Although a proposed ordinance to rezone approximately 10 acres on Bobo Road was read only one time by the Pine Bluff City Council Monday night, residents of the area lined up and signed up to speak against it.

The proposal would change the current R-1 zoning, which requires single family homes, to an R-3 designation so that a developer can build duplexes on property he owns.

“We’re concerned about the neighborhood,” said Larry Rasberry, who said he lives in the 5300 block of Bobo Road and described the proposed rezoning as “a step down.”

Saying he was speaking for a large contingent of neighbors, Rasberry said the concerns ranged from vandalism, trash and running property values down. He also said the road is narrow, and he was concerned about an increase in traffic.

Another resident, Bobby Johnson, said he bought a house in the area because it was a single family area, describing it as “well established, with low crime and well-maintained yards” with its R-1 designation.

“I know the investors are looking to make money, but I don’t want to lose money,” he said. “Rezoning is not in the best interest of the area.” Also speaking against the rezoning was Dorcas Vanguilder, who took credit for producing two flyers, the first on Dec. 16, where she said housing that has been built by Black Thunder Developers was poorly built, and a flyer the following day recanting that statement.

Vandgilder said the information from the first flyer came from another person, and after hearing complaints, checked out work the developers had done and “needed to make things right.” She said there are plenty of places in Pine Bluff where the duplexes can be built and presented a petition bearing the signatures of 85 residents who opposed the rezoning.

Gerald Edwards, who owns the land and is the one wanting to construct the duplexes, said the first flyer “had a negative impact.” He said Olive Branch Baptist Church, which is in the same area, is not opposed to the rezoning.

“There are over 600 condemned houses in Pine Bluff,” he said.

“People deserve clean, safe and affordable housing, and that’s what I’m planning to build.”

The proposed ordinance will be read twice more during January meetings of the council before a final vote. On another issue, with Pine Bluff Mayor Shirley Washington casting the fifth vote, a proposed ordinance that would give local companies a buyer’s premium of 5 percent when they do business with the city was approved.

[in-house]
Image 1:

Alderman Win Trafford was absent Monday. The ordinance’s sponsor, Alderman Bill Brumett, said the idea came up at meetings of the Pine Bluff Small Business Association, of which he is the vice president.

“Our theme is think local, and it’s important to think local when buying,” Brumett said, adding that studies have shown that spending $10 a month or more at a local business instead of a national chain could generate $3 million to the local economy.

Brumett said he had learned that Ft. Smith and other cities in the state had similar ordinances, and after obtaining copies of them, the city attorney’s office created the ordinance that was before the council.

“I think we’re moving in the right direction,” he said.

Before the vote, Chris Warrior, a local contractor, told the council they needed to pass the ordinance to “give homegrown contractors an extra edge when going up against contractors from out of state.”

Warrior also urged the council members to use their influence to see that local contractors are included in Go Forward Pine Bluff projects next year.

Alderwoman Thelma Walker and Alderman Steven Mays joined Lockett in voting no on the proposed ordinance, and on an emergency clause which would have made the ordinance effective immediately. Since six votes were required for the emergency clause, it will take effect in 30 days.

Alderman Bruce Lockett pulled his proposed ordinance on creating a purchasing manager for the city. Also Monday, a proposed resolution that would have done away with partisan elections for members of the council and return the elections to a non-partisan basis died for lack of a second.